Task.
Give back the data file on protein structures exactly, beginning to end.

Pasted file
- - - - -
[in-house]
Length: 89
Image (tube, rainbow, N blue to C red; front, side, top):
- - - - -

[in-house]
Length: 89
Image (tube, rainbow, N blue to C red; front, side, top):